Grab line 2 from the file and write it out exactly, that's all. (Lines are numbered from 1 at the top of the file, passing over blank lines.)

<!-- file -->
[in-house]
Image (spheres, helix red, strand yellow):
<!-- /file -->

Image (spheres, helix red, strand yellow):